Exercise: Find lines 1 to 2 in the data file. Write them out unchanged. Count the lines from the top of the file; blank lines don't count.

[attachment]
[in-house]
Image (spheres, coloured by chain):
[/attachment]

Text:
[in-house]
Image (spheres, coloured by chain):